The primary outcome of this meta-analysis was defined as a change in biochemical markers such as ALT, AST, GGT, IgM, TB, and albumin. The secondary outcomes included mortality and the rate of adverse effects, including myalgias, reactive pruritus, and elevation of CK.
STATA (Version 14.0, College station, TX) was used for analysis. Continuous data were pooled to calculate standardized mean differences (SMD), while dichotomous outcomes were expressed as odds ratio (OR) with 95% confidence interval (CI) for both, using a random-effects model with inverse variance weighting. Heterogeneity across studies was evaluated using the Higgins I2 statistic, where values of 25-50%, 50-75% and >75% represent mild, moderate and severe heterogeneity, respectively. Egger’s regression test was used to test for publication bias. A P-value <0.05 was considered significant in all cases.
Literature search results, study characteristics, and quality assessment
Our search strategy retrieved a total of 211 published articles. Among these, 10 RCTs comprising 369 patients were included in our analysis. The baseline characteristics of the trials are listed in Table 1. The PRISMA flow chart (Fig. 1) summarizes the results of our literature review. Only 1 of the 10 trials was a double-blinded study. Nine of the 10 trials included in our meta-analysis were considered to have a high risk of bias (Fig. 2,3). Patient with inadequate biochemical response to UDCA therapy defined variably in different studies as per Barcelona criteria, Paris-2 criteria or study specific criteria were included in the study. The patients mean age ranged from 53-64 years and the mean follow-up interval from 3-24 months. The daily dose of bezafibrate used was 400 mg/day, while the UDCA daily dose ranged from 600-1500 mg daily.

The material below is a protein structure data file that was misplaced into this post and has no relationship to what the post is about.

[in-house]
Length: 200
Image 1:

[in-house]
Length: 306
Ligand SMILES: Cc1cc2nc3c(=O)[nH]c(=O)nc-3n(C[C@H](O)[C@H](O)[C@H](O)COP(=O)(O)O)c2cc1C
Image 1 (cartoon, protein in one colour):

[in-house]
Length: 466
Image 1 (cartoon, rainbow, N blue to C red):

Table 1 Baseline characteristics of the trials included in the meta-analysis
Figure 1 PRISMA diagram for selection of trials
Figure 2 Risk of bias in included studies
+ indicates an increase, - indicates a decrease, and ? indicates this is unclear
Figure 3 Risk of bias graph: review of authors’ judgments regarding each risk of bias item presented as percentages across all included studies